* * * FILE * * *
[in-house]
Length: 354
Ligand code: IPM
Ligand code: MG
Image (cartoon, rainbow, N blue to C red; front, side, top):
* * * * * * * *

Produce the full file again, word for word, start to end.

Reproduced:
[in-house]
Length: 354
Ligand code: IPM
Ligand code: MG
Image (cartoon, rainbow, N blue to C red; front, side, top):